Part memoir, part history, The Worst and Best of the Premiers and Some We Never Had is Bill Rowe’s most ambitious work of non-fiction to date. The book observes with a critical and humorous eye the landscape of Newfoundland and Labrador politics since Confederation in 1949. Forty-two leaders are presented here, of all political stripes. Bill Rowe, with his inimitable style, examines the professional lives of each leader—from Chesley A. Crosbie in the 1940s to Dwight Ball, present-day premier of the province—and grades them based on accomplishment during their time in public life. Bill Rowe is a national bestselling author and former MHA and minister in the Government of Newfoundland and Labrador, and he was a long-time host of Open Line, a popular radio talk show. His books Danny Williams: The War With Ottawa and The Premiers Joey and Frank: Greed, Power, and Lust have appeared on the Globe and Mail bestsellers lists. His non-fiction works have also appeared on the annual best books lists of the Hill Times in Ottawa.
Henry George Reginald Mews took on the job of leader of the Newfoundland Progressive Conservative Party after the electorate had voted for Confederation with Canada in the 1948 referendum.
Mews had been a lieutenant with the Newfoundland Regiment during the First World War and later became a well-known insurance executive in St. John’s. He’d been elected as a city councillor during the Second World War.
Mews led his party into the 1949 provincial election in May against the newly appointed premier and Liberal Party leader, Joey Smallwood. Since the Responsible Government League had more or less become the Progressive Conservative Party, Mews was perhaps counting on many of those who had voted for Responsible Government—nearly half the electorate—to vote Tory now. That would mean that he and the new party would make a creditable showing on polling day.
But the blizzard of federal government cheques for family allowances and old-age pensions that hit the province helped to decide otherwise. The political hay that the much superior campaigner, Smallwood, was able to make of the largesse from Ottawa, present and future, allowed his Liberals to easily defeat the PC Party. Of the 28 seats in the House of Assembly, the Liberal Party won 22 with 65.5% of the popular vote, and the PCs got 5 with 32.9%. In fact, the latter figure was a pretty good proportion of the anti-confederate vote. An Independent candidate, Peter Cashin, also won a seat.
Mews himself contested the district of St. John’s West but failed to win. He abandoned provincial politics and, six months later, successfully ran for mayor of St. John’s. Now he’d found his niche. The citizens of St. John’s kept him on as mayor until 1965.
At city hall he gave a pretty good idea of what he would’ve been like as provincial premier. He was mayor when the city embarked on an ambitious program of slum clearance in the city core and effected a substantial public housing and suburban development plan. He formed the St. John’s Transportation Commission to replace the ramshackle private bus system and created extensive water and sewerage infrastructure.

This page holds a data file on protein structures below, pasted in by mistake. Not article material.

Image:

Then, secretly, in cahoots with senior management, without the knowledge of city council, he hoarded a large fund of money for building, after his retirement, a brand new city hall. This surreptitious accumulation of public money, for a purpose that had not been openly debated and voted on, triggered abundant controversy.
As premier, perhaps he would have been a determined activist, but, evidently, rather secretive in his actions.
His son-in-law was T. Alex Hickman, a minister in both Smallwood’s and Moores’s governments, and a failed leadership candidate for the leadership of the Liberal Party in 1969 against Joey. Later he was appointed chief justice of the Trial Division of the Supreme Court of Newfoundland. Mews’s grandson, Sandy Hickman, was elected to the St. John’s City Council.
For his contribution to competitive democracy, as first leader of the Progressive Conservative Party after Confederation, intrepidly taking on the triumphantly dominant Smallwood, but deducting his election failures, personally and as leader, and his secretive nature, I’d give Harry Mews a rating of 55%.
The Worst and Best of the Premiers and Some We Never Had provides another feast for political junkies.-- Atlantic Books Today --
Bill’s book is definitely riveting.-- Burton K. Janes blog --
Brisk, chatty, in-the-know, this chronicle covers events in which Rowe was often a participant and has both memory and a view of them.-- The Telegram --
It’s one of the most entertaining and well-informed reviews of the province’s Premiers, and also those who could have been.-- Tint of Ink --